Those who enjoy the quiet may find themselves enjoying the Paranas ecotrail and birding site. 

Visiting requires reservation particularly for large groups. In Sohoton, a package that includes an array of activities may cost a visitor up to P3,600. 

Ways to Get to Samar Island

There are many ways to enter Samar Island Natural Park. Those coming from Manila may take a plane to Tacloban, and from there may either take a ride from Tacloban to Sohoton or hire a vehicle or commute to Basey. 

Visitors who are traveling by land from Manila to Matnog may ride a ferry boat from Matnog and get to Allen, and then enter through Paranas where the natural park’s headquarters is located. The distance from Allen to the headquarters is around 200 kilometers. 

Government efforts to conserve Philippine PAs 

Currently, there are 247 PAs under the NIPAS, 113 of which have been legislated, 13 have been proclaimed by the President, and 120 remain as initial components of the System. The NIPAS was established by virtue of Republic Act 7586 or the NIPAS Act of 1992, and amended by Republic Act 11038 or the Expanded NIPAS (ENIPAS) Act of 2018.

NIPAS is the classification and administration of all designated PAs to maintain essential ecological processes to preserve genetic diversity, to ensure the sustainable use of resources found therein, and to maintain their natural conditions to the greatest extent possible.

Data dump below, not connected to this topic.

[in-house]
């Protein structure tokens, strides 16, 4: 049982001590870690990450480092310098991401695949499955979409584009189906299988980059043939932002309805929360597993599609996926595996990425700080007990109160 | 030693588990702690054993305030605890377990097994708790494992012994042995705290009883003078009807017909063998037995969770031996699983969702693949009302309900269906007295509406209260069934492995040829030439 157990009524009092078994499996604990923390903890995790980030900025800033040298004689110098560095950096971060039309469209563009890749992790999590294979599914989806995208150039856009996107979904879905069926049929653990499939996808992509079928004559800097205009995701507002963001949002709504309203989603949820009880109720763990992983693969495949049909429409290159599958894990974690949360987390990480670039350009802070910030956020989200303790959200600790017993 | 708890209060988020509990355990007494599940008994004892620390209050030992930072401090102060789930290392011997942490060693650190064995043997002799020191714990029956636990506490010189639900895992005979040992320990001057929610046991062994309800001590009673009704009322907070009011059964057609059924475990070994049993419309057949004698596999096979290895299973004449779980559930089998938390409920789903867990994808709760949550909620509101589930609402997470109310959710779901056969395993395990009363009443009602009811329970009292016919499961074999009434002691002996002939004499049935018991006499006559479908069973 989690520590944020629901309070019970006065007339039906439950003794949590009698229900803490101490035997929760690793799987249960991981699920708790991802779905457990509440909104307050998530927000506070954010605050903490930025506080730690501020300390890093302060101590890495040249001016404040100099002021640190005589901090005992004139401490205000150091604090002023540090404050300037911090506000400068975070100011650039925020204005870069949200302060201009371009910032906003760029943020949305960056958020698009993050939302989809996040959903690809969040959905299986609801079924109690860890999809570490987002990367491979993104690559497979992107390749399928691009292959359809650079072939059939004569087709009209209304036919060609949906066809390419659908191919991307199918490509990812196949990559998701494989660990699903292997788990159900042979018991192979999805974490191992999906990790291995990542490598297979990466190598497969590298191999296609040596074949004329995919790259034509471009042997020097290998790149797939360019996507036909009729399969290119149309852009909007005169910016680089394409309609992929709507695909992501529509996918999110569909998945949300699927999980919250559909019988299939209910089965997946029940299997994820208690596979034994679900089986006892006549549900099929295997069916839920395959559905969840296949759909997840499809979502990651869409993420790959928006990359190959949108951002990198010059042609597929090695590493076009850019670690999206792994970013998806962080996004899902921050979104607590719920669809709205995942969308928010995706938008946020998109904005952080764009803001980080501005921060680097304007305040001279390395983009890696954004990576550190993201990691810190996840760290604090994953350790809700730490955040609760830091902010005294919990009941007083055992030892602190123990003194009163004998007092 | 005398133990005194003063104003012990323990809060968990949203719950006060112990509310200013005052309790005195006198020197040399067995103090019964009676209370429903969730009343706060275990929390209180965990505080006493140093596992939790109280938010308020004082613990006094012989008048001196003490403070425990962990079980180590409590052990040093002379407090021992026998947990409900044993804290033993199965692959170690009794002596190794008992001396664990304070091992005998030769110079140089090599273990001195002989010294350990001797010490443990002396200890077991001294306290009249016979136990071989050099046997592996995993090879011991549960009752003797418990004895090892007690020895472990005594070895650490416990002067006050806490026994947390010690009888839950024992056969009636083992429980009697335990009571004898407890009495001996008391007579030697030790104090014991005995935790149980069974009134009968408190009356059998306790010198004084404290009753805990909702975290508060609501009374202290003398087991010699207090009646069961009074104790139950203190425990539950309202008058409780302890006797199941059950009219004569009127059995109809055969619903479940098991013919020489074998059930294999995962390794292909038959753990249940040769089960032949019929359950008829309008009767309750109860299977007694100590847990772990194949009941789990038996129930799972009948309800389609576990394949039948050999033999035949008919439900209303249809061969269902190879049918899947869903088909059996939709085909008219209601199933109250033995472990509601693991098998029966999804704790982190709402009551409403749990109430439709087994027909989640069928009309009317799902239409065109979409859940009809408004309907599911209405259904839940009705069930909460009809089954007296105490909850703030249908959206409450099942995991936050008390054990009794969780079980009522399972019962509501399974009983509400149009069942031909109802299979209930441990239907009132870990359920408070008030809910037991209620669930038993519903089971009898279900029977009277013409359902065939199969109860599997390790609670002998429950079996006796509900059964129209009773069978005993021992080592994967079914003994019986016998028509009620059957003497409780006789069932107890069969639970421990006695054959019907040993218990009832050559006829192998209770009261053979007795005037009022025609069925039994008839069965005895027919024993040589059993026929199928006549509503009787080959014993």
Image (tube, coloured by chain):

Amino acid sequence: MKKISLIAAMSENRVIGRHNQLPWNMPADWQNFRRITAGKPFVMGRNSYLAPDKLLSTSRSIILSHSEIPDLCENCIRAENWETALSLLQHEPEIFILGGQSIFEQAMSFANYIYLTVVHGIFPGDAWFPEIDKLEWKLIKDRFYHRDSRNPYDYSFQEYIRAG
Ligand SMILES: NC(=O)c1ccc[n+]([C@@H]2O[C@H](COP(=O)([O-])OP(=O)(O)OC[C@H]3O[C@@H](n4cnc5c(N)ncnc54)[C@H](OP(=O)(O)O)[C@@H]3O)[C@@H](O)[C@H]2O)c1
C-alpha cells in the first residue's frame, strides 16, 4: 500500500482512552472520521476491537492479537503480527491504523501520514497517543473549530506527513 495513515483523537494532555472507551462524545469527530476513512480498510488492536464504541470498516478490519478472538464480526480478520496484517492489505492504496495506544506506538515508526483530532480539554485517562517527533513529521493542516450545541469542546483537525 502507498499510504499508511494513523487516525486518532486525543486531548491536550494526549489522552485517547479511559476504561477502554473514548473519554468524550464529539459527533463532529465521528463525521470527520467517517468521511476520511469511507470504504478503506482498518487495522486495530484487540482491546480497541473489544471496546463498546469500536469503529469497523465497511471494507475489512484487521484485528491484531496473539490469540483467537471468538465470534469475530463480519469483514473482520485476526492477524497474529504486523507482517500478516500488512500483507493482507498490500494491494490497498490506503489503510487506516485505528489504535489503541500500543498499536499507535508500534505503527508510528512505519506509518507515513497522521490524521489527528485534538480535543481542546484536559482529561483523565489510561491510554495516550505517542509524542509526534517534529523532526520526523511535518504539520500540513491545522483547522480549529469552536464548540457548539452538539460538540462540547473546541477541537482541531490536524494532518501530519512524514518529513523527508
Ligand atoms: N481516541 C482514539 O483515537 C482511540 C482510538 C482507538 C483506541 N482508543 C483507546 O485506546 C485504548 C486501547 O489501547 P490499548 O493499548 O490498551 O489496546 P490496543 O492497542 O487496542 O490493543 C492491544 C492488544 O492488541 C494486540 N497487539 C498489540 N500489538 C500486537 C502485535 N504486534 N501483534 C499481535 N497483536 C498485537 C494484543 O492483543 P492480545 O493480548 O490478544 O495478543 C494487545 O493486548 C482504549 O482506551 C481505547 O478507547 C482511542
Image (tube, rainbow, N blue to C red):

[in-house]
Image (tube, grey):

The year 2022 marks the 90th anniversary of PA establishment in the country through Republic Act 3915 that was enacted on 1 February 1932. In line with this, the Department of Environment and Natural Resources (DENR), the Department of Tourism (DOT), and the Department of Interior and Local Government (DILG) signed a joint declaration to support the celebration of the Year of the Protected Areas or the YoPA Campaign, which promotes Philippine national parks.

The DENR, through its Biodiversity Management Bureau, and the Biodiversity Finance Initiative (BIOFIN) of UNDP Philippines, in partnership with the DOT and DILG, are working together to promote protected areas under the NIPAS. They are also working with other agencies at the national and local levels to ensure effective conservation and sustainable management for national parks nationwide.